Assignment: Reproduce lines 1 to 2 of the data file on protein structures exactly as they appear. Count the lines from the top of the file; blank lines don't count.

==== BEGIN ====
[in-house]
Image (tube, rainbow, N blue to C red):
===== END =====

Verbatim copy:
[in-house]
Image (tube, rainbow, N blue to C red):